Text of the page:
11 Stories About Isolation and Loneliness
Pulitzer Prize finalist Hernan Diaz recommends books on disconnecting from society
Electric Lit is 12 years old! Help support the next dozen years by helping us raise $12,000 for 12 years, and get exclusive merch!
Literature, to me, seems to thrive on a curious contradiction. While it is an essentially solitary activity, it is also driven by the desire to commune with others. We wish to be alone with a book, but fulfilling this wish means engaging in a conversation so intimate that it overcomes the limitations of space and time — readers may reach out to the dead; writers sometimes touch the unborn.
Many of my favorite books are about isolated people — either in a literal sense (Robinson Crusoe) or figuratively (Jane Eyre, Villette). My first novel, In the Distance, was initially conceived as an exploration of solitude. It tells the story of a Swedish immigrant who walks from San Francisco to New York, against the big push west during the 1850s. He spends most of his time alone in what was known as the “Unorganized Territories” and finds, paradoxically, that as these expanses grow, so does his feeling of claustrophobia. Sometimes, his hands and his feet are the only living things he can see.
These are some of my favorite books on isolation and loneliness. Some of them influenced my book; others, I read only recently; all of them have shown me how nuanced solitude can be.
Against Nature (À Rebours) by Joris-Karl Huysmans
Full of “contempt for humanity” and “weighed down by splenetic boredom,” Jean Des Esseintes retires to the artificial paradise of his house in the outskirts of Paris, a temple dedicated to his decadent whims. “Nature, he used to say, had had her day.” In the perpetual color-tinted twilight of his seclusion, his few companions are his books, some mechanical fish in dyed water, and a gold-glazed, jewel-encrusted tortoise. Des Esseintes artificial isolation is so radical that it ends up transforming his body and its basic functions.
Silas Marner by George Eliot
Different layers of isolation coexist in this quiet masterpiece. Silas, a weaver, is a member of a “narrow religious sect.” After being wrongly accused of theft, he is expelled from this insular congregation and lives like a hermit, reducing his life to “the unquestioning activity of a spinning insect.” He also becomes a money hoarder — but, strangely, not a miser. After years of solitude, Silas’s life ends up “narrowing and hardening itself more and more into a mere pulsation of desire and satisfaction that had no relation to any other being.” A lonely little girl wanders into his life and changes everything.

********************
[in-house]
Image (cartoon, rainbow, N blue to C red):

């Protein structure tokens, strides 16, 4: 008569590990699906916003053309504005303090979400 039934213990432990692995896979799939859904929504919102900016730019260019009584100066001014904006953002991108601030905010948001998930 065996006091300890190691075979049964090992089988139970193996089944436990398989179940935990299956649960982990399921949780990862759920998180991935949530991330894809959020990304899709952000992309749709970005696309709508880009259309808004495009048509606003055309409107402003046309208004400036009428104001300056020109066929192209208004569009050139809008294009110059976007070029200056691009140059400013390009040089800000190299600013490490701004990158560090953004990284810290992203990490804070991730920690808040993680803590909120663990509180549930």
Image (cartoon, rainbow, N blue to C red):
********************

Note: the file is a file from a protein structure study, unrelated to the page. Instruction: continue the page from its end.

Hunger by Knut Hamsun
Nowhere is the oppressive loneliness in the midst of a multitude felt more acutely than in Hunger. The protagonist of Hamsun’s novel wanders around the throngs of the Norwegian capital but is thoroughly alone and always at the verge of mental and physical collapse from starvation. “I was turning into a freak from hunger, right here in the city of Kristiana!” He loses his hair; his body decays; he eats woodchips, pebbles, and his own pocket. He almost eats his own finger. All while trying to write monographs, philosophical treaties, and plays.
My Year of Rest and Relaxation by Ottessa Moshfegh
Sleep is the loneliest activity we can engage in — it takes us away even from ourselves. Still, the few works of fiction on this subject that I can think of — “Rip van Winkle,” Oblomov, Finnegans Wake, The Interpretations of Dreams — are either concerned with the content of dreams or view sleep as an obstacle. Not so Moshfegh. Hers is the story of a solitary woman who, with the help of a prescription-writing quack, intends to “hibernate” for the better part of a year to then be “reborn.” To this “somnophile,” sleep becomes a goal in itself — thus showing how absurd our goal-oriented culture is. “I was finally doing something that really mattered. Sleep felt productive.”
Wittgenstein’s Mistress by David Markson